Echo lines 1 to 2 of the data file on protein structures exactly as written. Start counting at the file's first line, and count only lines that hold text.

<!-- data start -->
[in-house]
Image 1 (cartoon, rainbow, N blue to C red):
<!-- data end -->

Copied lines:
[in-house]
Image 1 (cartoon, rainbow, N blue to C red):